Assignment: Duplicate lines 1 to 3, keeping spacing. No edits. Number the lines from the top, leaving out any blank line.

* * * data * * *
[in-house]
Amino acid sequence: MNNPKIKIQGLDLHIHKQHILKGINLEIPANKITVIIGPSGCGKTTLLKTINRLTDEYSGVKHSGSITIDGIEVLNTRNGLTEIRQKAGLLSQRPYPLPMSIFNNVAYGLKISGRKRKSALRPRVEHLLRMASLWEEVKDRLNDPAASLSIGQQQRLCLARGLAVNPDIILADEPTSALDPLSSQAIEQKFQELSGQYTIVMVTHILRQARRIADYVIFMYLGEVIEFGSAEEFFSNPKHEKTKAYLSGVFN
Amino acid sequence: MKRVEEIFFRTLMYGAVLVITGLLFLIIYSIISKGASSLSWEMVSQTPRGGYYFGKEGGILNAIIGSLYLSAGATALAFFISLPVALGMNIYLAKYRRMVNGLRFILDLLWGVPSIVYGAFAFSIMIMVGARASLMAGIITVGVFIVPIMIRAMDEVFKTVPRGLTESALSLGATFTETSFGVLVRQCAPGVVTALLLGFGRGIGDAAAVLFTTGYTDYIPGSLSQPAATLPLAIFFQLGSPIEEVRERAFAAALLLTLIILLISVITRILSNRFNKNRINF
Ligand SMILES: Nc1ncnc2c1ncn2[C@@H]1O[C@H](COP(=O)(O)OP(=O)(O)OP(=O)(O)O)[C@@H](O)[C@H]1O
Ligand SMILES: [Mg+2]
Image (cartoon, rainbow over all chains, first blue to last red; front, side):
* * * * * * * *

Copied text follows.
[in-house]
Amino acid sequence: MNNPKIKIQGLDLHIHKQHILKGINLEIPANKITVIIGPSGCGKTTLLKTINRLTDEYSGVKHSGSITIDGIEVLNTRNGLTEIRQKAGLLSQRPYPLPMSIFNNVAYGLKISGRKRKSALRPRVEHLLRMASLWEEVKDRLNDPAASLSIGQQQRLCLARGLAVNPDIILADEPTSALDPLSSQAIEQKFQELSGQYTIVMVTHILRQARRIADYVIFMYLGEVIEFGSAEEFFSNPKHEKTKAYLSGVFN
Amino acid sequence: MKRVEEIFFRTLMYGAVLVITGLLFLIIYSIISKGASSLSWEMVSQTPRGGYYFGKEGGILNAIIGSLYLSAGATALAFFISLPVALGMNIYLAKYRRMVNGLRFILDLLWGVPSIVYGAFAFSIMIMVGARASLMAGIITVGVFIVPIMIRAMDEVFKTVPRGLTESALSLGATFTETSFGVLVRQCAPGVVTALLLGFGRGIGDAAAVLFTTGYTDYIPGSLSQPAATLPLAIFFQLGSPIEEVRERAFAAALLLTLIILLISVITRILSNRFNKNRINF